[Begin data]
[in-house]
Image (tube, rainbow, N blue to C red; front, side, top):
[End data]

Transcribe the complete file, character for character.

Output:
[in-house]
Image (tube, rainbow, N blue to C red; front, side, top):